China boosts mammo screening in workplace

By staff writers

February 7, 2012 -- Putting a comprehensive workplace breast cancer screening intervention program in place in China can lead to increased rates of mammography compliance -- good news, as breast cancer continues to be the primary cause of death among East and Southeast Asian women, a study reported this month in Cancer Epidemiology, Biomarkers & Prevention.

Lead author Grace Ma, PhD, of Temple University and colleagues examined the effects of a workplace intervention on breast cancer screening rates at eight worksites in Nanjing, four of which were assigned to the intervention group (n = 232) and four to the control group (n = 221).

The intervention group received breast cancer education and help with obtaining screening. The control group was provided with general cancer education and received a delayed intervention after completion of the study, Ma and colleagues wrote. The team assessed mammography rates pre- and postprogram and at six months of follow-up (Cancer Epidemiol Biomarkers Prev, February 2012, Vol. 21:2, pp. 358-367).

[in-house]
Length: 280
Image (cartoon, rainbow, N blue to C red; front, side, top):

Baseline mammography use was low among both the intervention and control groups, but exposure to the workplace intervention dramatically increased the uptake of mammography -- from 10.3% at baseline to 72.6% at six-month follow-up in the intervention group, Ma's group found.

"A workplace-based [screening mammography] intervention could have a strong impact in breast cancer prevention and early detection among women in China," Ma and colleagues wrote.

Copyright © 2012
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